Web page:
Wednesday, February 25, 2015

Finding new employees

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     Adding a new employee is an important step in business. You need an additional person to handle specific tasks you have in mind. Just as important, you need someone who can contribute to the future growth of the business.

     This means that you must look beyond the person's experience. These days, it can be difficult to find people who can read and write, much less get to work every day on time and do the job at hand. 

     Beyond these minimums, you want to look for a particular type of person. You want one who is inquisitive and learns easily, one who is comfortable in his or her own skin, one who knows how to think through things, one who tackles new projects with enthusiasm, one who accepts your direction and runs with it, and one who respects others and gets along well with them. 

     These attributes do not appear on resumes--unless you read between the lines. But these are the important qualities that will help you grow your business.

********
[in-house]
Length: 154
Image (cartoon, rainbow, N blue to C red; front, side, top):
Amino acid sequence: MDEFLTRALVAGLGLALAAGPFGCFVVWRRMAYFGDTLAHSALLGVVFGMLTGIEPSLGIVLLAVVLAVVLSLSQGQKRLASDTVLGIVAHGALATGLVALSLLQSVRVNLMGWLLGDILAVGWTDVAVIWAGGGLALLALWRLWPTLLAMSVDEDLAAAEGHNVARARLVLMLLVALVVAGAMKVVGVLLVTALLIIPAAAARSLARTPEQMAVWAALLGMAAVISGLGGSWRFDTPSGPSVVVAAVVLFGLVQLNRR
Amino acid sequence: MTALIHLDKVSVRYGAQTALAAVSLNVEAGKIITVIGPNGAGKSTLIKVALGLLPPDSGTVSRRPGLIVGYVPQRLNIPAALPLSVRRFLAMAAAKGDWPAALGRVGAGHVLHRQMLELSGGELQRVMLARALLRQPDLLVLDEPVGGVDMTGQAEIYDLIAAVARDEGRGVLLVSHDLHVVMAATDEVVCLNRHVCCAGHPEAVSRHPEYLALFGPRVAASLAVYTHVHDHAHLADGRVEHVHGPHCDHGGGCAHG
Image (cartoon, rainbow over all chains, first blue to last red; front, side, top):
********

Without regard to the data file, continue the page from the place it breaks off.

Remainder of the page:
Example: Personally, I've used a simple and inexpensive method to good success. Good employees tend to know other good people who are elsewhere employed. I've called my people together, one at a time, in private conversations, asking them to help us find that new employee we need in our company. I described the qualities and experience a new employee might have. And always, I put them at ease by reassuring them that we are growing and need additional help, not replacing anyone. It worked. They put the word out and some prospects showed up to be interviewed.

     This method doesn't always work. You might enhance or improve results by offering a bonus to the employee who refers someone who is eventually hired. 

     The method has an added advantage. Your private talks with employees conveys the fact that you value their input and they feel more a part of the on-going business. It builds employee morale.  

     Big companies use social media or place ads to find new prospects. The resumes come in and someone in the HR department sorts through them. Finally, a short stack of possibilities lands on the manager's desk. Good prospects are frequently lost in this shuffle.

     Finding that new employee takes effort. You are looking for someone who can hit the ground running. You want them to grow and you want them to help grow the company. It's a double-edged sword, and you are sitting on the point. 

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